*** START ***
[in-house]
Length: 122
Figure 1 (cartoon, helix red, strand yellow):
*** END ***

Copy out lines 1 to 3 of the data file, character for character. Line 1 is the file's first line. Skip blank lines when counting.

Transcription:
[in-house]
Length: 122
Figure 1 (cartoon, helix red, strand yellow):